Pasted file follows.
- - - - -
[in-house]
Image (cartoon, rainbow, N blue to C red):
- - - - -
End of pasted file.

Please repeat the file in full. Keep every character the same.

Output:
[in-house]
Image (cartoon, rainbow, N blue to C red):